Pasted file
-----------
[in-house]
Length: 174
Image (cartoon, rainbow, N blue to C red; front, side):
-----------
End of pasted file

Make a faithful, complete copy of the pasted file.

[in-house]
Length: 174
Image (cartoon, rainbow, N blue to C red; front, side):